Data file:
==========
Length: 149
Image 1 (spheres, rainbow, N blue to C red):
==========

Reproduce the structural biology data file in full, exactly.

Length: 149
Image 1 (spheres, rainbow, N blue to C red):